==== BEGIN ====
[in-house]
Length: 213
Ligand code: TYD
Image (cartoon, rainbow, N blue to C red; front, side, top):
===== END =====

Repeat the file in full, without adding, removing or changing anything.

[in-house]
Length: 213
Ligand code: TYD
Image (cartoon, rainbow, N blue to C red; front, side, top):